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‘Power and Influence’ of UK Armed Forces Ended Iraq War Crimes Investigations, Peace Group Fears

A combination of military and media pressure has resulted in the termination of Iraq war related criminal investigations, reflecting the power of the British military as “the only institution in the UK that is allowed to run their own criminal courts and prosecution service”, according to the Peace Pledge Union.

The head of the UK military’s prosecuting body, the Service Prosecuting Authority, recently announced that they would be ending over 1,000 criminal investigations into alleged war crimes committed by British forces in Iraq. This decision comes only a few months after the Ministry of Defence was accused of covering up killings of Afghan and Iraqi civilians, by British troops, following a BBC/Sunday Times investigation. 

Symon Hill of the Peace Pledge Union (PPU), one of Britain’s oldest anti-militarist organisations, explains why the PPU is calling for an end to the military’s ability to choose whether or not to prosecute its members and for “military leaders in particular” to be held accountable for war crimes committed abroad.

Sputnik: The Peace Pledge Union has said that it is “worried but not surprised” by the decision of the Service Prosecuting Authority to drop all but one Iraq-war related criminal investigation against British military personnel.

Why exactly are you not surprised and what worries you about this decision?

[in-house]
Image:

Symon Hill: UK armed forces personnel are almost never prosecuted for war-related crimes, so it is no surprise that there are unlikely to be prosecutions relating to Iraq. For several years, the militarist lobby and the pro-war press (particulalry the Daily Mail, the Sun and the Daily Express) have been claiming, with no evidence, that there are is a “witch-hunt” under way to launch unfair prosecutions of UK armed forces personnel and veterans.

This allows certain newspaper editors and columnists to appear to be on he side of veterans, while saying little if anything about the homelessness, unemployment and mental ill-health with which many veterans have to grapple. With housing charities estimating that 13,000 veterans are homeless in Britain, far more veterans are having to deal with poverty than deal with prosecutions.

The more high-profile supporters of the “witch-hunt” claim have been careful to say that they want to end only “vexatious” prosecutions of UK forces personnel. They have yet to produce any evidence of vexatious prosecutions. In fact, there are barely any prosecutions at all. However, militarists on social media frequently make clear that they are against *any* prosecution of UK troops for war-related crimes.

In 2013, a Marine Sergeant called Alexander Blackman was convicted of murder after killing a wounded and unarmed prisoner in Afghanistan. The sentence was reduced to manslaughter after Blackman’s lawyers pointed out that he had PTSD. This in itself may not be an unreasonable argument. However, Blackman’s vocal supporters in the media (and on social media) made barely any reference to PTSD, arguing instead that he had been unfairly punished for “doing his job” and at times suggesting that there was nothing wrong with killing a wounded prisoner (this was stated frequently on social media). Furthermore, Blackman’s commanders were never held to account for having sent him into battle when he had PTSD.

Another example, concerns the collapse of a trial in 2018 into 16 army instructors accused of abusing teenage recruits. The trial collapsed partly because the Royal Military Police had not acted on initial reports of abuse because of pressure from “more urgent” enquiries. It is very disturbing to think that they do not regard the alleged abuse of 16-year-olds as an urgent priority.